Warehouse Manager
April 16, 2024

The Invisible Bottlenecks- How Hidden Warehouse Challenges Are Costing You

Published By

Denise Castillo

Warehouse managers in food distribution face a daily grind of keeping operations smooth while juggling efficiency, inventory accuracy, and compliance. Each day is a test of their ability to manage the unexpected, from last-minute order changes to equipment hiccups, all under the strict regulations that are fast approaching - i.e. FSMA 204.

In the warehouse world, challenges often hide in plain sight. It could be something as simple as the layout of the warehouse affecting the speed of order fulfillment or an unexpected delivery throwing off the schedule. These "invisible bottlenecks" might seem small, but they can slow down operations and affect the bottom line.

This article will dive into the most common “invisible bottlenecks” that we’ve witnessed after working with the industry’s leading food distributors, identify the bottlenecks, and offer insights into how to spot and fix them.

Invisible Bottleneck #1: Inventory Mismanagement

Mismanaging inventory is the first invisible bottleneck that we’ve seen. Many warehouse managers grapple with 3 common issues related to inventory mismanagement and, if not addressed, can cascade into bigger problems.

Underestimating the Amount of Cycle Counts to Complete

Not completing frequent cycle counts can lead to discrepancies between actual stock and inventory records. The more frequent the cycle counts, the more reliable the inventory data, ensuring that orders are fulfilled accurately, and stock levels are maintained.

Our Recommendation
Warehouse managers should establish regular cycle counting schedules that are adhered to without fail, ensuring that inventory accuracy is maintained, and discrepancies are addressed promptly. We recommend completing cycle counts daily. Anything less can lead to discrepancies.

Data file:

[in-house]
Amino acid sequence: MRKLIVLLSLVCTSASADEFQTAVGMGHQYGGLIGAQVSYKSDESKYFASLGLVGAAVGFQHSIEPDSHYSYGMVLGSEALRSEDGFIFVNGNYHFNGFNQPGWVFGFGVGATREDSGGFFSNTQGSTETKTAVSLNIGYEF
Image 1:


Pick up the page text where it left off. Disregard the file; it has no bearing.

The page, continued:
Poor Warehouse Layouts or Storage Practices

Damages also pose a significant challenge when managing inventory, especially when warehouse layouts or storage practices aren't optimized. Overstocking slots or improper item placement can lead to increased damages, affecting order fulfillment and leading to potential losses and customer dissatisfaction.

Our Recommendation
Reviewing and optimizing the warehouse layout for efficient movement and storage will ensure that products are stored correctly. Utilizing food-specific WMS tools that are rooted in decades of best-practice workflows can help warehouse managers optimize their warehouse layouts to help reduce the risk of damage and improve operational efficiency.

Warehouse Staff Skips Scanning Steps

Exception reporting is another critical area. When warehouse staff repeatedly skip scanning steps or improperly log inventory movements, it creates inaccuracies in the inventory system. These errors can result in mispicks, further complicating inventory management and affecting overall warehouse efficiency.

Our Recommendation
Implement stringent scanning protocols and train staff on the importance of accurate inventory logging. This can help minimize these errors. Additionally, using a food-specific WMS that provides real-time data and alerts for skipped scans or inventory discrepancies can significantly improve accuracy and accountability.

In food distribution, managing perishable goods requires diligent attention to details, like expiry dates and storage conditions. Frequent cycle counts and proper layout and storage practices are crucial for maintaining product integrity and ensuring food safety, critical components of a warehouse manager’s responsibilities.

Invisible Bottleneck #2: Resource Management and Optimization

We’ve also found that warehouse managers can often encounter hidden challenges that disrupt the balance of labor, space, and time. All of which affect the operational efficiency of the business. Those are:

Limited Real-Time Data

Managers might find themselves making decisions based on outdated or incomplete information, leading to misallocated resources and operational delays. For example, without current data, a sudden influx of orders could overwhelm the picking team, while other areas remain underutilized.